Vicki Christiansen was sworn in as the 19th Chief of the United States Forest Service Thursday, pledging to lead a productive department that would offer a safe work environment for all.
Ag Secretary Sonny Perdue administered the oath of office at the Forest Service’s Washington headquarters, where he charged Christiansen with achieving his “high expectations” and “big plans.”
“I had an opportunity to visit with the regional foresters yesterday, and we had a great discussion about a new vision for what we’re going to be able to do in the Forest Service,” he said. Christiansen has “earned my confidence,” Perdue added.
Speaking with reporters after the ceremony, Perdue said USFS will work to build upon existing Good Neighbor Authority, which allows the service to work with states on forest management practices.
“We’re going to do a better job of truly being good neighbors rather than just in name only,” Perdue said. Given Christiansen’s experience as a state forester, Perdue noted “this is a mission that the chief understands very well.”
For her part, Christiansen, who joined the Forest Service in 2010 and has been serving as interim chief since March, rolled out plans to operate the agency in a way consistent with its mandate to preserve the nation’s forests.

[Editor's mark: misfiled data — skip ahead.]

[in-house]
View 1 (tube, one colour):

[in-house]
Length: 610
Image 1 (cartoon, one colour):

“The Forest Service is a conservation leader, and we’re going to redeem that leadership responsibility,” she said.
She also referenced an issue that has dogged the Forest Service for years: reports of sexual harassment and assault among its fire crews. In her speech, she said the agency “cannot achieve our mission unless we have a safe and respectful work environment for everyone.” Speaking to reporters after the swearing-in ceremony, she described plans to create an employee environment “free from harassment and retaliation.”
“Directly tied to our mission are the employees, and every employee from first day in the door absolutely deserves a safe, respectful work environment,” Christiansen said. “We are putting down priorities and working together to make sure that everyone’s understood what that means, and if they don’t subscribe to that goal, there’s probably a better place people can work, a different place.”
Christiansen’s predecessor, Tony Tooke, resigned after about six months on the job when allegations of sexual misconduct came to the surface. In 2016, the House Oversight and Government Reform Committee held a hearing examining issues of harassment within the Forest Service.
Christiansen’s appointment has been cheered by forestry and public lands organizations. In a statement, National Association of State Foresters President Lisa Allen said Christiansen is “a tremendous supporter of state and private forestry and just what the Forest Service needs in a new leader.”
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